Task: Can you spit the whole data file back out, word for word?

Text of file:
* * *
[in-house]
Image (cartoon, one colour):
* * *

[in-house]
Image (cartoon, one colour):